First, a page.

I'm sorry that I cannot find the instructions re Owen Nuttall possible to follow in this form. The reason, I am sure, is linguistic. I don't grasp what a "bight" is in points 1, 2 and 3, and I cannot form a cross by laying one "bight" over the other, whether not a bight, but a round turn or a half hitch is what was intended. It might be helpful with a simple sketch.

But what's more important is that we're talking about Practical Knots. I am a rigger and a sailor. I won't use a knot that needs intricate patterns formed by one or the other part or by both. A practical knot mostly will have to be tied easily in the hand, without much chance of making an error. Preferrably you should be able to do it without any reeving. All the "Animated Knots" are shown with first one end growing, or moving like a worm, then the other one rove through the pattern. That is something that cannot be done that way, and the only practical knots that need reeving are those that can be done comfortably in your arm-chair. An anchor hitch may be formed like that, but most useful knots are not.

You should be able to tie it in complete darkness, with water pouring over you and with gloves on. The knot should not need any "gentle easing", but be ready to use after you have finished making its pattern. Among bends, the Carrick Bend is about the only one to meet those requirements. The sheet bend too may be tied in hand under awkward conditions, also in darkness, but it lacks some of the last requirements; it needs working taut, and it is not easily done wearing gloves.

I am not a "knot tyer" for knotting's own sake; I make knots as a means to an end. In my practice I need reliable knots, knots that may save someone's life, but will never put anyone's life at hazard. I cannot afford making an error when tying a bend, because I might not get a second opportunity. Therefore, reliability is a prime value, there are of course also others. After inventing a simple method to tie the Carrick Bend, I have hardly used the more regular bends, like the sheet bend or double sheet bend. Whenever a bend is needed, I use the Carrick Bend, because as Ashley says: "it is perhaps the nearest thing we have to a perfect bend".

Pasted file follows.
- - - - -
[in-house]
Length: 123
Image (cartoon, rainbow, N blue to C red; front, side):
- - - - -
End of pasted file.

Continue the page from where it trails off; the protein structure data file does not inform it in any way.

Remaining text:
So Barry, please show me what you mean by those bights, how you cross them and how you pass the ends, and how this can be done reliably, blindfolded, wearing gloves and under the shower (all at the same time), without any opportunity to put those lines down to follow what you are doing.

By my method I can tie the Carrick Bend at pitch dark night in a blizzard, with gloves on, even in heavy stuff; works for me.

http://www.youtube.com/watch?v=wTmwqYQI93Y
« Last Edit: April 04, 2009, 11:05:10 PM by Inkanyezi »
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Znex

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Re: cool animated site
« Reply #7 on: April 04, 2009, 11:45:55 PM »
I'll have to give your method a try; thanks for sharing.

Here's another simple way, I find, to make a Carrick Bend. Take a look at this post... 

http://igkt.net/sm/index.php?topic=434.msg3568#msg3568

I started tying the Carrick Bend this way after seeing similarities when I tied a Bowline, i.e. by crossing the working end and rolling my wrist to make a loop.

[Inkanyezi] gone

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Re: cool animated site
« Reply #8 on: April 05, 2009, 07:28:12 AM »
Thanks for sharing, it is indeed an ingenious way to do it. Seems to work best in small stuff.
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Sweeney